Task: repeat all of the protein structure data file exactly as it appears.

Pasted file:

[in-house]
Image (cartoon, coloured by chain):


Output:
[in-house]
Image (cartoon, coloured by chain):